The Sierra de Huautla region is one of 41 protected areas in Mexico designated as a biosphere reserve. SBHR is inhabited by 31 communities, which work together to safeguard the natural environment of that area with two government-affiliated agencies, and other local actors. Drawing upon frameworks from the field of Science and Technology Studies, specifically from Social World Arenas and Actor Network Theory, I analyze how conservation initiatives shape and transform theoretical, social, and physical landscapes. Given that my research focuses on the actual practices people are engaged in while involved in conservation efforts, my research is primarily informed by ground-level qualitative work, and I make use of Situational Analysis as my primary method of data collection and interpretation. I adopt SA to identify the many and varied actors (both human and non-human) that contribute to the construction of the Sierra de Huautla biosphere as a ‘natural environment’. My research also looks at how various actors -scientists, local community inhabitants- perform activities and roles within the complex contexts of conservation projects. This work offers insights about the genesis of conservation initiatives, the varied modes of participation they support and the challenging institutional constraints, which often make it difficult to fulfil conservation goals. These insights provide valuable ideas, precedents, and guidelines for sites where similar collaborative conservation initiatives are anticipated or being established.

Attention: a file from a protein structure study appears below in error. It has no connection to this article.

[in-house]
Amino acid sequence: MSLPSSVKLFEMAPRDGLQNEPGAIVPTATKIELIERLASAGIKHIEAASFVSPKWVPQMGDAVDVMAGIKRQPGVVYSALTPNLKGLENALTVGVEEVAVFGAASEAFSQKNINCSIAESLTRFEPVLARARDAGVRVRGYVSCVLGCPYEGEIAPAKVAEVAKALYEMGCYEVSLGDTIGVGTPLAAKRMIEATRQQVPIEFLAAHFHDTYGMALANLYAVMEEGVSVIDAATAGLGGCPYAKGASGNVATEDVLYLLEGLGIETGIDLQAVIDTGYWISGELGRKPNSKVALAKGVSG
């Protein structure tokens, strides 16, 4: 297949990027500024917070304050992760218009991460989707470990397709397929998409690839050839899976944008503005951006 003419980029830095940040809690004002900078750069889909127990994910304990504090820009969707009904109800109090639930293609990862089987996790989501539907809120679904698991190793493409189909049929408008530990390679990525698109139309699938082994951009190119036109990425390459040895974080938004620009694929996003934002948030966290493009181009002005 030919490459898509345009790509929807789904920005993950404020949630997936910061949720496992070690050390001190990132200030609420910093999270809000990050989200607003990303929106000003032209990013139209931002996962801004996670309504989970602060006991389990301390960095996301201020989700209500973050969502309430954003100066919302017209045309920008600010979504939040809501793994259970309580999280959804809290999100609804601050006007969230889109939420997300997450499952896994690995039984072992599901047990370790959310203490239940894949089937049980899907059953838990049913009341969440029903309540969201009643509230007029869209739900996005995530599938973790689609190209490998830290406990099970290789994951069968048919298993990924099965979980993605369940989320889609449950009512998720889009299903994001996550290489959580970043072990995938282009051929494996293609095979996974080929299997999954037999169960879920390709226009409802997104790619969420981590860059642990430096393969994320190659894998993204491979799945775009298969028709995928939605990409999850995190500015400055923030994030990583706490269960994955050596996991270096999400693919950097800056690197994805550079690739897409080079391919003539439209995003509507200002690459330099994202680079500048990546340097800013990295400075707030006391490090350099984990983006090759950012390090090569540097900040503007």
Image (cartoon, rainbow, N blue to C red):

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Thesis advisor: de Castell, Suzanne
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